As a navigator on a B-17, Frank Murphy played a crucial role in guiding the aircraft through the treacherous skies over Europe. Navigators were tasked with plotting courses, ensuring precise locations, and navigating through enemy territory.
This demanding role required a deep understanding of both the aircraft’s instruments and the ever-changing conditions of aerial combat. The turning point in Murphy’s wartime experience came when his B-17 was shot down. Murphy found himself in the hands of the enemy and became a prisoner of war.
Being a POW during World War II meant enduring the hardships of captivity, including limited rations, harsh living conditions, and the constant uncertainty about the future.
The mental and emotional toll of captivity was immense, and the resilience displayed by individuals like Frank Murphy in the face of adversity is a testament to their strength and determination. In conjunction with the release of the highly-anticipated Apple TV+ series, Masters of the Air, VBC historian host Glenn Flickinger has created a 10-part livestream series Thursdays beginning January 18 at 7:00pm that will recap and provide history discussion around each episode.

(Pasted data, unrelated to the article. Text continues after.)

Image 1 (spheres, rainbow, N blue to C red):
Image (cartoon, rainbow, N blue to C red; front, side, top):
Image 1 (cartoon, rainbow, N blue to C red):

Each week, Glenn will cover the action and background of the series in conversation with show producers and creators, air war historians, and family members of the real-life characters depicted in the series. Masters of the Air is a streaming television miniseries by Stephen Spielberg and Tom Hanks based on the 2007 book Masters of the Air: America’s Bomber Boys Who Fought the Air War Against Nazi Germany by Donald L. Miller about the 100th Bomb Group of the 8th Air Force.